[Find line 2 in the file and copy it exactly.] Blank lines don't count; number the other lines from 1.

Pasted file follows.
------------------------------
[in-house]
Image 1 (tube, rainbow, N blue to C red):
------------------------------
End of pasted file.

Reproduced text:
Image 1 (tube, rainbow, N blue to C red):